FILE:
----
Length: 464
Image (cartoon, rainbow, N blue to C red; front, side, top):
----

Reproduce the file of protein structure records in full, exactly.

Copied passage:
Length: 464
Image (cartoon, rainbow, N blue to C red; front, side, top):